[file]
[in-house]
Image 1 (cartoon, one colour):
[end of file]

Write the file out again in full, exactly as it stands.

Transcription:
[in-house]
Image 1 (cartoon, one colour):